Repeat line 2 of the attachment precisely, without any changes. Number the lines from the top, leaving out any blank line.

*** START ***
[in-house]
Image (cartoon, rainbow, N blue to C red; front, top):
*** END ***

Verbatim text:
Image (cartoon, rainbow, N blue to C red; front, top):